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June 8, 2012 | By Richard Simon
WASHINGTON - Fifty-two years after his U-2 spy plane was shot down over the Soviet Union, famed Cold War pilot Francis Gary Powers will be posthumously awarded the Silver Star.  The medal will be presented by Air Force Chief of Staff Gen. Norton Schwartz to Powers' grandson and granddaughter at a Pentagon ceremony attended by other family members next Friday. Powers, who died in 1977 at age 47 in a helicopter crash in Los Angeles, will be recognized for his "indomitable spirit, exceptional loyalty" and "sustained courage in an exceptionally hostile environment," according to the citation.
November 8, 2008 | Times Wire Reports
A British pilot who was suddenly blinded by a stroke during a solo flight was talked safely down by a military pilot, the Royal Air Force said. Jim O'Neill, 65, asked for help after he went blind 40 minutes into a flight from Scotland to southeastern England last week. The BBC reported that O'Neill, flying a small Cessna aircraft, lost his sight 5,500 feet in the air. Wing Commander Paul Gerrard, who was finishing a training flight nearby, was drafted to help. He located the plane and began flying close by and radioing directions.
February 8, 2008 | From Times Wire Reports
A woman stormed into a cockpit over New Zealand today, stabbed both pilots and threatened to blow up the plane before she was subdued. The Air National flight landed safely at Christchurch and the 33-year-old woman was arrested, police said. None of the seven passengers were injured, but the pilot suffered a severely cut hand and the co-pilot was injured on the foot.
January 7, 2014 | By Greg Braxton
Denis Leary, who starred in FX's critically acclaimed "Rescue Me," is returning to the network with a new comedy pilot, "Sex&Drugs&Rock&Roll. " Leary also wrote the pilot, which is produced by FX Productions and Fox Television Studios. It will mark his first TV venture since "Rescue Me" ended after a seven-season run in 2011.  WINTER TV PREVIEW: Full coverage of the season's shows   "Sex&Drugs&Rock&Roll" revolves around "Johnny Rock" (Leary), a middle-aged rock 'n' roller who desperately wanted to be rich and famous.
January 17, 2013 | By August Brown
Back in 2000, the L.A. producer/musical gadfly Jon Brion pitched a TV pilot to VH1. "The Jon Brion Show" was pegged as a kind of neo-variety show with guest musicians (a familiar format to anyone who knows his Largo roundtables). Director Paul Thomas Anderson even lent his hand to the pilot. The network declined to pick it up, but Anderson on Thursday posted a video with a note on his YouTube channel: " I tore up the floorboards at H.Q. the other day  and came up with this little number on VHS.  She holds up well.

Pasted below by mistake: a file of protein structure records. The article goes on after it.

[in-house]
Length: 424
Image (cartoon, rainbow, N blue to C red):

May 25, 2013 | By Michael Mello
Search and rescue crews focused on a pond and a wooded area of Fulton County in upstate New York on Saturday as they looked for a volunteer pilot missing in a small plane crash that killed two people being ferried for medical treatment. Authorities found the plane's two passengers near the crash site late Friday afternoon in a wooded area around Ephratah, about an hour west of Albany. The twin-engine Piper PA-34 was on a mission for Angel Flight, a service in which pilots volunteer their time and planes to transport patients for medical treatment.
March 24, 2010 | By Dennis McLellan
Robert M. White was a 38-year-old U.S. Air Force major and record-setting test pilot at Edwards Air Force Base in 1962 when he joined the elite ranks of America's four astronauts. But Mercury astronauts Alan Shepard, Virgil Grissom, John Glenn and Scott Carpenter went into space seated atop ballistic missiles and returned in capsules that parachuted onto the ocean. White did it as the pilot of a rocket-powered X-15 research airplane, flying nearly 60 miles above the Earth's surface and completing a conventional landing on Rogers Dry Lake at Edwards Air Force Base.
January 2, 1994
In response to your editorial, "Averting Future Air Disasters" (Dec. 24): You state more than once that the Westwind jet was going too fast and that the pilot was "warned" of this several times by air traffic controllers. Your inference seems to be that the pilot of the Westwind was "speeding" and this was a negligent operation of the aircraft which contributed to the accident. Quite to the contrary, the Westwind pilot was operating his aircraft at a speed which he considered prudent for the circumstances.
October 21, 2005
Re "A Super Hornet's Nest," Column One, Oct. 19 As thrilled as I would have been to see Richard Webb's performance over San Luis Obispo, I think he demonstrated extremely poor judgment by buzzing a civil airport -- at high speed and low altitude -- with no coordination or communication with air traffic control. In a worst-case scenario, he could have collided with a business jet full of people, resulting in a dozen deaths and the loss of more than $100 million in aircraft, not to mention damage and injuries on the ground.
April 3, 2012 | By Tina Susman
A JetBlue Airways pilot has made his first court appearance for the  midair meltdown on a New York-to-Las Vegas flight that forced his co-pilot to make an emergency landing. Prosecutors urged him to be held behind bars, even as his family said he never meant to hurt anyone. The pilot, Clayton Osbon, appeared in an Amarillo, Texas, courtroom Monday with his hands cuffed behind his back, looking drawn but smiling at his wife, Connye Osbon, who was in court with JetBlue representatives.
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